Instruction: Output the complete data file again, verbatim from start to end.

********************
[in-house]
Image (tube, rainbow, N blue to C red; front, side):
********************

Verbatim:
[in-house]
Image (tube, rainbow, N blue to C red; front, side):